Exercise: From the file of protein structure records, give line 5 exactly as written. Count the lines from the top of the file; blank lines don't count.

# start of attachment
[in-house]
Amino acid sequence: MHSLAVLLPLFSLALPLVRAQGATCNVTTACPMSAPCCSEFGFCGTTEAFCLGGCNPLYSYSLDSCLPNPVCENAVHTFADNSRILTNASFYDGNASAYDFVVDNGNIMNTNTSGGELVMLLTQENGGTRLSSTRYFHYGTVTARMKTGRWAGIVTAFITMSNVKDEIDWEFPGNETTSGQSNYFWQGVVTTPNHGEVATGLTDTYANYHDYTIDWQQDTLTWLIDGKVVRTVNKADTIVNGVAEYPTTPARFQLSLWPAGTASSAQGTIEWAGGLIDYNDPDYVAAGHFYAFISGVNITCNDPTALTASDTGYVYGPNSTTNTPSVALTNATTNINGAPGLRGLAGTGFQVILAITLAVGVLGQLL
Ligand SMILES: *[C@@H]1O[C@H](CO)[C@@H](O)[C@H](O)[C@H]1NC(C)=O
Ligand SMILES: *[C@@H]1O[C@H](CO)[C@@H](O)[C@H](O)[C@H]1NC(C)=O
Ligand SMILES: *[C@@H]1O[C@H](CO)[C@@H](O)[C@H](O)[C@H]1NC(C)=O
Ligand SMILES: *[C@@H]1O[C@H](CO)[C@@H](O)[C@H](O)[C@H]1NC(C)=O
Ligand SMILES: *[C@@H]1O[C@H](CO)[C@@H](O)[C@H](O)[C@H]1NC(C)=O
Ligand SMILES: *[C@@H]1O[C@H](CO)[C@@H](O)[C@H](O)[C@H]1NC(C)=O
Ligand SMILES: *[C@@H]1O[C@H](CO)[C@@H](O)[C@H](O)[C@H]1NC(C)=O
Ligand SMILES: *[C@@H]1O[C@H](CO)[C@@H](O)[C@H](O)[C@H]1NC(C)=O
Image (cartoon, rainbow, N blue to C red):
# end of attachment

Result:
Ligand SMILES: *[C@@H]1O[C@H](CO)[C@@H](O)[C@H](O)[C@H]1NC(C)=O